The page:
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House Democratic Plan for Overhaul Would Require Individual, Employer Mandates

By John Reichard and Jane Norman, CQ HealthBeat

June 19, 2009 -- An 852-page "discussion draft" released Friday by the Democratic chairmen of three House committees would penalize individuals if they do not carry health insurance and employers if they do not offer it, while creating a new government-run insurance plan to compete with private health plans.

Americans going without coverage would have to pay a penalty equal to two percent of their adjusted gross income, while employers would have to pay a penalty equal to eight percent of their payroll expenses, according to the draft, released at a mid-day press briefing.

The plan would provide more generous subsidies to lower income Americans to buy coverage than are contemplated in the most recent version of a health overhaul plan under development by the Senate Finance Committee. Unlike the Senate proposals, the House draft maps out a clear public plan option and employer mandate, attempts to fix the physician pay rate in Medicare and makes changes in the Medicare Part D prescription drug law.

Doctors and hospitals could choose whether to participate in the new public plan, said House Energy and Commerce Committee Chairman Henry A. Waxman, D-Calif. But the bill says that providers who participate in both Medicare and the public plan would receive a 5 percent higher rate than Medicare for the first three years. If they don't participate in both, they would get just Medicare rates.

It also appears that in the House approach there would be just one "exchange," or marketplace for insurance plans, in contrast to Senate plans that would offer state-by-state localized exchanges.

Markup of the plan by the three committees is expected after the July 4 recess, the Democratic lawmakers said, with approval on the floor by the time the House recesses in August.

Under the House draft, families and individuals with annual incomes up to four times the poverty level would be provided subsidies to buy coverage through the new insurance exchange that eventually would be opened to all employers. "Affordability credits" to buy coverage would be phased out at an income level of $43,000 for individuals and $88,000 for a family of four. The aim is to provide the most generous credits to those who are just above new proposed Medicaid eligibility levels. The exchange would administer the affordability credits.

President Obama issued a statement praising release of the draft. "Today, the chairs of several committees in the House of Representatives unveiled their health care reform proposal," Obama said. "This proposal would improve the affordability, availability, and quality of health care and represents a major step toward our goal of fixing what is broken about health care while building on what works."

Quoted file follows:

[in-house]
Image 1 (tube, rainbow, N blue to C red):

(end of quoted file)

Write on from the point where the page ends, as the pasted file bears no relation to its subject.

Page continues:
Individuals would have to purchase coverage under the plan but in return would be guaranteed a minimum level of benefits including mental health, dental, and vision care coverage. They would have the option of enrolling in the new government-run insurance plan that according to the Democratic authors of the plan would not have an unfair advantage over the private sector.
The public plan "will create a new choice in many areas of our country dominated by just one or two private insurers today," says a summary of the draft. The public plan "will be subject to the same market reforms and consumer protections as other private plans" offered in insurance exchanges, according to the draft.

Insurance companies would no longer be able to engage in discriminatory practices such as refusing to sell or renewing policies due to an individual's health status, and coverage of treatment could not be excluded due to pre-existing conditions. Lifetime and annual limits on benefits would be banned and the ability of insurance companies to charge higher rates due to health status, gender or other factors would be limited. Premiums could vary based only on age, geography and family size.

According to a Democratic aide, no Congressional Budget Office estimates would be released Friday of the cost of the plan, which is being closely watched because of sticker shock induced earlier in the week by estimates of Senate Democratic proposals. Democrats at the briefing did not explain how the overhaul will be paid for, but the fine print of the draft includes Medicare cuts. Democrats did not specify how many of the 47 million uninsured Americans would gain coverage in their plan.

Democrats at the briefing were mum about a whole slew of provisions in the text of the draft that have aroused great controversy in years past. For example, the draft would give the secretary of the department of Health and Human Services authority to negotiate prices of prescription drugs covered in the Medicare Part D prescription drug program. In addition, it would reduce to fee-for-service levels the payment rates paid to private health plans in the Medicare Advantage program. Health insurers have loudly protested those cuts in years past.

Also, within a year of enactment, insurance companies would have to meet a requirement that 85 percent of their premium revenue be spent on medical services.